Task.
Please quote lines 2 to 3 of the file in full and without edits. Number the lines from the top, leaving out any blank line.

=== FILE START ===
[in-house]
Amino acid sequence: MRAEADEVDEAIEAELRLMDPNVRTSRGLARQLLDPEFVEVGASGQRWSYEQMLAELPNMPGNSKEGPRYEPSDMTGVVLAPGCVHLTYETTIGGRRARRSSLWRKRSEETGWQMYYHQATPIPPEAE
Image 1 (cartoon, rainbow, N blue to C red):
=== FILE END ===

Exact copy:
Amino acid sequence: MRAEADEVDEAIEAELRLMDPNVRTSRGLARQLLDPEFVEVGASGQRWSYEQMLAELPNMPGNSKEGPRYEPSDMTGVVLAPGCVHLTYETTIGGRRARRSSLWRKRSEETGWQMYYHQATPIPPEAE
Image 1 (cartoon, rainbow, N blue to C red):